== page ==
Oct 02

Hellbrunn Castle (Castelul Hellbrunn)

The Hellbrunn Castle is actually a villa of colossal dimensions which had been erected in the first decades of the 17th century (1613-1619) by the order of Markus Sittikus von Hohenems, the one who held the position of Prince-Archbishop in Salzburg at that time. The construction was not created with the purpose of accommodating the Archbishop, and for that reason, there are no bedrooms in the castle.


The Archbishop was a man with a fondness for comedy and for that reason it had come with an innovative idea to create several mechanisms through which to amuse himself and his fellow guests. The castle is renowned for its water-games. There are several machines which sprinkle water when activated and the target of their ‘attack’ was usually one of the guests of the Archbishop. But even today, these water systems are functional and tourists can get to experience on themselves how the water games work. In mid-18th century, other inventive ideas were put into practice.

For instance, a mechanical, water-operated and music-playing theater was established, as well as an apparatus through which the imminent shift in power is emphasized. This consists of a crown which is situated under a water sprinkle and which moves up and down according to the movement of the water. This is a clear illustration of the rise and fall of those who rule over specific regions.

There is something worth noting and that is that the Archbishop was never subject to a practical joke because the place designated to him was not part of the water-games web so he never got wet, unlike the rest of the guests. At present, the place that was once occupied by the Prince is attributed to the tour guide.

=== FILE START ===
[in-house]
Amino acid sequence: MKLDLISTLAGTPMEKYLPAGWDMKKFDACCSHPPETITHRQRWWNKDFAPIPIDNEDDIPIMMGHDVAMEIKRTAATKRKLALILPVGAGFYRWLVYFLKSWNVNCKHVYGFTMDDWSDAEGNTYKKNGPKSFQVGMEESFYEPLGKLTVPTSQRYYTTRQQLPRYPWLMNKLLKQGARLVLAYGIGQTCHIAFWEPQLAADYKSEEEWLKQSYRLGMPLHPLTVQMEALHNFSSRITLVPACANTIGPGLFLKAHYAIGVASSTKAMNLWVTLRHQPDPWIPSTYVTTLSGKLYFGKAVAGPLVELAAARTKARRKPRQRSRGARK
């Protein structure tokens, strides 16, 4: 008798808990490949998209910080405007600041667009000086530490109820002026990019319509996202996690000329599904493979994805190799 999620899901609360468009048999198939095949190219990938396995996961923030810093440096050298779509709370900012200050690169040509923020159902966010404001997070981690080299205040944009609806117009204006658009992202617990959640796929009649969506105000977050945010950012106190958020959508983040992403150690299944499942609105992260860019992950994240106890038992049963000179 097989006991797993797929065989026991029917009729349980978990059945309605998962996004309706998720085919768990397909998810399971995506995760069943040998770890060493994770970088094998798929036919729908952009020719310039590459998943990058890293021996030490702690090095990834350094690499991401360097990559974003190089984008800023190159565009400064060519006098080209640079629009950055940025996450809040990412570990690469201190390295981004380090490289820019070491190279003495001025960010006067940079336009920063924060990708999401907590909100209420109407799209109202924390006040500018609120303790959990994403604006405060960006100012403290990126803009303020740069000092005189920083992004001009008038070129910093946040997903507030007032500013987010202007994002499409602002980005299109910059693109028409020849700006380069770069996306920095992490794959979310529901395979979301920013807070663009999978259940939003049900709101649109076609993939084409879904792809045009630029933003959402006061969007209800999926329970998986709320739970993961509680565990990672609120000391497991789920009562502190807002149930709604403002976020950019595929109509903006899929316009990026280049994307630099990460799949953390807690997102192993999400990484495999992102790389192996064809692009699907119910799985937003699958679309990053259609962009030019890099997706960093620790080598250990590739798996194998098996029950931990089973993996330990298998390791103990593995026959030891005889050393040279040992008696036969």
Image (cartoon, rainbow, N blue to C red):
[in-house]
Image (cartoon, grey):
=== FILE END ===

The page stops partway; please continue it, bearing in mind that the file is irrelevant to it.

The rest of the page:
The surrounding area of the Hellbrunn is actually an immense park which is adjacent to a zoo, a theater built out of stone and a small edifice which goes by the name of ‘little month palace.’ The name conveyed to the building is tightly connected to the history of its construction. Apparently one of the Archbishop’s guests had suggested that the view one sees out the windows of the castle would greatly improve if the landscape offered to the viewer consisted of a building on a hill. Markus Sittikus had taken this piece of advice seriously and had given order for a small building to be erected on the neighboring hill. One month later, when the same person came for another visit at the Hellbrunn Castle, the Archbishop presented him with the improved view from the window.


The construction had survived throughout time and at present is a part of the Carolina Augusteum Museum of Salzburg. The items on display are representative for the cultural past of Salzburg, thus the ‘small building on a hill’ is the subdivision of the museum dedicated to ethnography.

The main building of the castle is rectangular in shape and comprises two pavilions in the front part. The edifice is made out of three storeys which are delineated at the exterior by means of specific decorative works. The first floor of the edifice comprised the rooms of the archbishop and the entire section bears the mark of the Italian painter Arsenio Mascagni. He had adorned the walls of the chambers at the beginning of the 17th century (1615), when he had painted both the walls and the ceiling with various scenes, some depicted from the famous series of autobiographies entitled the ‘Twelve Caesars’.


Hellbrunn is situated outside Salzburg, but the two points are connected by means of a long alley. Upon arriving at the palace, tourists will first enter in the ‘courtyard of honor’, the Ehrenhof, a courtyard that broadens as one gets closer and closer to the castle. Behind the Hellbrunn Palace lies a 17th century garden which comprises beautiful flower arrangements and a pond that reigns in the center of the garden and in which a small quadrilateral isle is located.


The initial design was conveyed according to the Baroque style, but this was later changed in accordance to the trends that were in fashion in particular timeframes. There are only two markers of the original plan (from 1730) and these are the two obelisks that are located in the western part of the gardens.
Due to the gardens and the mechanisms which are incorporated within the setting, especially the water games, the Hellbrunn Castle can be regarded as some sort of Disneyland, whose sole purpose was to entertain the Archbishop and his guests.